How Gambling Companies are Vulnerable to Crypto-Disruption

Tl;dr: Some thoughts on how decentralized prediction markets could disrupt the gambling industry.

Maybe it was because I was in New Jersey, a state that has recently legalized sports gambling, that it occurred to me.

The gambling industry is very susceptible to blockchain-based disruption.

I’m not an expert on the internal operations of gambling businesses, but conceptually I think I get it.

A gambling operator is going to want to balance the amount of bets on one side of the equation versus those on the other amount in such a way that it is profitable no matter the outcome.

The profits of the gambling industry would seem to come from maximizing that equation and simultaneously keeping the back-office costs low.

That part, the back-office is where the existing industry may be vulnerable to a decentralized approach.

In both the traditional (centralized) and decentralized models, there is an algorithm that adjusts the odds and payouts based on the market’s perception of the likelihood of an event occurring (say Elizabeth Warren getting the Democratic nomination).

Here’s the key difference though.

A centralized gambling operation has accountants, bookkeepers, IT people, security concerns, lawyers, and much more.

A decentralized protocol like Augur or Gnosis has none of that.

They have smart contracts.

That will lead to costs that are orders of magnitude lower than a centralized entity, particularly at scale.

Augur, for one, is driving towards that future with the announcement of their new decentralized affiliate marketing program.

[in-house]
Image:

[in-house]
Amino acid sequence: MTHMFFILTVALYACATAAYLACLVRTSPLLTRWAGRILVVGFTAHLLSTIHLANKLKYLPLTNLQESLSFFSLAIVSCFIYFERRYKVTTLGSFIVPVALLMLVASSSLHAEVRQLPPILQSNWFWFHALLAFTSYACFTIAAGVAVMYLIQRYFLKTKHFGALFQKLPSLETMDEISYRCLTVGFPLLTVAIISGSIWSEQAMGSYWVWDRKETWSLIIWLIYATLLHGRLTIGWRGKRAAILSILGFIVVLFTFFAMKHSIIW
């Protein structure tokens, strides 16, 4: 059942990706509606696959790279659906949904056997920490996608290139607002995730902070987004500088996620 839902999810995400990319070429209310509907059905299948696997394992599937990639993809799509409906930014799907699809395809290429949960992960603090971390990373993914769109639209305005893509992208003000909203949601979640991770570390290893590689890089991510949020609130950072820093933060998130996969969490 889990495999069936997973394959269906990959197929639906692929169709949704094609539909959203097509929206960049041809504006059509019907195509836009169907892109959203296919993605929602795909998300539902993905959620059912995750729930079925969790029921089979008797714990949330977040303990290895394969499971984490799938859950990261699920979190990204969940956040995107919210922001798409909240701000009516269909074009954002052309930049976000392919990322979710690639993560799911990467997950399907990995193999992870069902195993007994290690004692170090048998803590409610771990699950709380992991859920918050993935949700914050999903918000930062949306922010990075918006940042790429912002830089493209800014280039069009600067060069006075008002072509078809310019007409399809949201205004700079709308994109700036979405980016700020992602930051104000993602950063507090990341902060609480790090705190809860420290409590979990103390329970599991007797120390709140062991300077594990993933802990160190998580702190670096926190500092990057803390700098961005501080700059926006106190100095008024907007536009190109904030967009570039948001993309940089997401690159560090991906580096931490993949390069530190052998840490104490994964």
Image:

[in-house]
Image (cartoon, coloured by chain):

Even better, because of the decentralized, permissionless nature of the protocols, different entities can build solutions on top of the global pool of liquidity.

They can also customize the solutions for different geographies and use cases, including KYC/AML scenarios or compliance with local regulations.

So, for example, Veil and Guesser have built on top of Augur but Veil is off limits to US customers while Guesser is not.

As a result, I think what will happen is that the odds for the same bet (Warren is nominated) will have better payouts in a decentralized model than a centralized one.

Instead of a few percentage points going to the ‘house,’ those points will be divvied up (in some ways) to the bettors themselves.

Better payouts will attract more participants, drawing customers from the incumbents.

How Gambling Companies are Vulnerable to Crypto-Disruption was originally published in Data Driven Investor on Medium, where people are continuing the conversation by highlighting and responding to this story.